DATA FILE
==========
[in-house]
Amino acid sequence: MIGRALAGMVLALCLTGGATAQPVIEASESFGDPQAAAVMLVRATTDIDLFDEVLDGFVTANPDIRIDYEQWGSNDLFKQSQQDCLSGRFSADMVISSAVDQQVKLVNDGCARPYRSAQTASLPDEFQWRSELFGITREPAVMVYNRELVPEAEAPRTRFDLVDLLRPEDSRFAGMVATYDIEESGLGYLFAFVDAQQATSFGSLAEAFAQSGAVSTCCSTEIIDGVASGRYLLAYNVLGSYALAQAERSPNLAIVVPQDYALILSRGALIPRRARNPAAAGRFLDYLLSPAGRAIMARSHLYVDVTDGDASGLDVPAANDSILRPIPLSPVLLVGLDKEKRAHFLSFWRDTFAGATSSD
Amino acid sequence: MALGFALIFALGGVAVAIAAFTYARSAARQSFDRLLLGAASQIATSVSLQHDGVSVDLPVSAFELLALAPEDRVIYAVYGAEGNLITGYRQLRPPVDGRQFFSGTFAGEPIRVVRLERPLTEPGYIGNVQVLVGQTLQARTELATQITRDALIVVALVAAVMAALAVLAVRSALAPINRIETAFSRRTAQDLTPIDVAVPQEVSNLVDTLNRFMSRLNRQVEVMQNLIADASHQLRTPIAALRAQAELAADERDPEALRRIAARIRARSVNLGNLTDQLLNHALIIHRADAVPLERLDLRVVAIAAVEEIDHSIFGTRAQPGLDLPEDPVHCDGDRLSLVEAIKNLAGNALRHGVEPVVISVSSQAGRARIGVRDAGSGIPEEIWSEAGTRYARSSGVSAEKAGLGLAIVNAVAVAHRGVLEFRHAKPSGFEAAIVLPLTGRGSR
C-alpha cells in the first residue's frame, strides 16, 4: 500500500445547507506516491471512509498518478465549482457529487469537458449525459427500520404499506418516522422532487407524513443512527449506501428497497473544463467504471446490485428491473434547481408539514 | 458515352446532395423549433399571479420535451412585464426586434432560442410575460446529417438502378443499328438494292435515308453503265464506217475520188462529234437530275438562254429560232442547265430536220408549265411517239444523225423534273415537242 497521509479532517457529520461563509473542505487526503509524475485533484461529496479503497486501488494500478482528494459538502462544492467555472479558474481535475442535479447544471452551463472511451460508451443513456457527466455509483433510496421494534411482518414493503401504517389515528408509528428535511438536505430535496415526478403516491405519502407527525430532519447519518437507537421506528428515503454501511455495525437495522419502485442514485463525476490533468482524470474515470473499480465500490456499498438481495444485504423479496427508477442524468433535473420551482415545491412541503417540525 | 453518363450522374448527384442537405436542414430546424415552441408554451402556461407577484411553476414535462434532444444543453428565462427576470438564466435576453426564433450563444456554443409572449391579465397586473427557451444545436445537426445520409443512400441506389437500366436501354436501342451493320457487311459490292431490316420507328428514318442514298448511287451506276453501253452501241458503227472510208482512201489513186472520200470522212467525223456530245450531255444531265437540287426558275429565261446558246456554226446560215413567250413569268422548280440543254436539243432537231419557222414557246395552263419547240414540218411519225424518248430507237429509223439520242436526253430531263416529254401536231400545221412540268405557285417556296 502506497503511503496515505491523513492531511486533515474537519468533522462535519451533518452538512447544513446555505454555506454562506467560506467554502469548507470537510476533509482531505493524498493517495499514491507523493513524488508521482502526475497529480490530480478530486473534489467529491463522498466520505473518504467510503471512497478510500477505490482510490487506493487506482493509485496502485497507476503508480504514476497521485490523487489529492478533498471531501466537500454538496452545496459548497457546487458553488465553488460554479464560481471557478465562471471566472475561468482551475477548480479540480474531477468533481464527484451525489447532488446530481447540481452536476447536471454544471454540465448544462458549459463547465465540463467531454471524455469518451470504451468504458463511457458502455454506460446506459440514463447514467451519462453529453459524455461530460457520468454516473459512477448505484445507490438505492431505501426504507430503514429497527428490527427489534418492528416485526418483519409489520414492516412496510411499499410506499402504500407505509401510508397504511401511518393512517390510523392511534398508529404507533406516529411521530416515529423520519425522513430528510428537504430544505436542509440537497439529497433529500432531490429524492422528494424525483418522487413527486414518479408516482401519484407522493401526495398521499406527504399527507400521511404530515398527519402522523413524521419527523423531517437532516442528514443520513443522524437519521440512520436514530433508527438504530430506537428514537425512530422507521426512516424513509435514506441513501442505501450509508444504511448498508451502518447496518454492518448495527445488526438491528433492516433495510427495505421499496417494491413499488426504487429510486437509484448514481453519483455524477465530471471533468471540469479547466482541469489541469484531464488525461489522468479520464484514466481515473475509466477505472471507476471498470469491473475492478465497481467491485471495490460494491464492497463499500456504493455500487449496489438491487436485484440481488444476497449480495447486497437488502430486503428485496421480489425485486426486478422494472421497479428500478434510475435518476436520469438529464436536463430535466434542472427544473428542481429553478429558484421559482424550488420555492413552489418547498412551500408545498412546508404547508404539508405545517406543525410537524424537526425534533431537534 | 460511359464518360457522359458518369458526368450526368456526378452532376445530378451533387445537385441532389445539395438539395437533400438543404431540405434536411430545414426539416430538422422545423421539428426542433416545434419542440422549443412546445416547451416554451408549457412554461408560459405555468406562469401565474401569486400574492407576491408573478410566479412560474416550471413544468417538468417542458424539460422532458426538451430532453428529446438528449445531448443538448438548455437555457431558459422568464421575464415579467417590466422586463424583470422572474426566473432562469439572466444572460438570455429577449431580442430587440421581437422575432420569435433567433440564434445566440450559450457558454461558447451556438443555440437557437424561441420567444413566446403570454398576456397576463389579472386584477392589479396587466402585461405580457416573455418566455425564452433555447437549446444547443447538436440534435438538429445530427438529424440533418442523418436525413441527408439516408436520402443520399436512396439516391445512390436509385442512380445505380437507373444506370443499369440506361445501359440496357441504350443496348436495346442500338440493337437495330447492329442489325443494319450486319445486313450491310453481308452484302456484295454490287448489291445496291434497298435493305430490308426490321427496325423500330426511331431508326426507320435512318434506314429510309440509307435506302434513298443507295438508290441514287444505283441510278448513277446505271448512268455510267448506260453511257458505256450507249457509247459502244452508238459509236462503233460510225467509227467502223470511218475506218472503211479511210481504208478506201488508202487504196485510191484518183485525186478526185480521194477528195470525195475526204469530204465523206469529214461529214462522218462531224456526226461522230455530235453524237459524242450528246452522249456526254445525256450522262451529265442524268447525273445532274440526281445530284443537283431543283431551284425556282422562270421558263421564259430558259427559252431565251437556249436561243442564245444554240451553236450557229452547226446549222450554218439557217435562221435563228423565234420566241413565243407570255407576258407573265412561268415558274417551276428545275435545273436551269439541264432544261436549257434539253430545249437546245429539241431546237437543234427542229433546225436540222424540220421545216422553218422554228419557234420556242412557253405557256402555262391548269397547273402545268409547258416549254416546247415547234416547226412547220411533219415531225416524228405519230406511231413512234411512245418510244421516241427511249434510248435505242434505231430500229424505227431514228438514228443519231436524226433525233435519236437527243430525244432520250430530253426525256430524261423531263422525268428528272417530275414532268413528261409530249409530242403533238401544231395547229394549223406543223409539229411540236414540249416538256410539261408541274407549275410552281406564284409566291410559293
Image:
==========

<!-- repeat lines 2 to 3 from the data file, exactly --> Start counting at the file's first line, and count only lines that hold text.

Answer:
Amino acid sequence: MIGRALAGMVLALCLTGGATAQPVIEASESFGDPQAAAVMLVRATTDIDLFDEVLDGFVTANPDIRIDYEQWGSNDLFKQSQQDCLSGRFSADMVISSAVDQQVKLVNDGCARPYRSAQTASLPDEFQWRSELFGITREPAVMVYNRELVPEAEAPRTRFDLVDLLRPEDSRFAGMVATYDIEESGLGYLFAFVDAQQATSFGSLAEAFAQSGAVSTCCSTEIIDGVASGRYLLAYNVLGSYALAQAERSPNLAIVVPQDYALILSRGALIPRRARNPAAAGRFLDYLLSPAGRAIMARSHLYVDVTDGDASGLDVPAANDSILRPIPLSPVLLVGLDKEKRAHFLSFWRDTFAGATSSD
Amino acid sequence: MALGFALIFALGGVAVAIAAFTYARSAARQSFDRLLLGAASQIATSVSLQHDGVSVDLPVSAFELLALAPEDRVIYAVYGAEGNLITGYRQLRPPVDGRQFFSGTFAGEPIRVVRLERPLTEPGYIGNVQVLVGQTLQARTELATQITRDALIVVALVAAVMAALAVLAVRSALAPINRIETAFSRRTAQDLTPIDVAVPQEVSNLVDTLNRFMSRLNRQVEVMQNLIADASHQLRTPIAALRAQAELAADERDPEALRRIAARIRARSVNLGNLTDQLLNHALIIHRADAVPLERLDLRVVAIAAVEEIDHSIFGTRAQPGLDLPEDPVHCDGDRLSLVEAIKNLAGNALRHGVEPVVISVSSQAGRARIGVRDAGSGIPEEIWSEAGTRYARSSGVSAEKAGLGLAIVNAVAVAHRGVLEFRHAKPSGFEAAIVLPLTGRGSR